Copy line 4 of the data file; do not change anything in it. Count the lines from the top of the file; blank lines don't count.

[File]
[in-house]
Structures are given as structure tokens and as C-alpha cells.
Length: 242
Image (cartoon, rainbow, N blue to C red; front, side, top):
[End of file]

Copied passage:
Image (cartoon, rainbow, N blue to C red; front, side, top):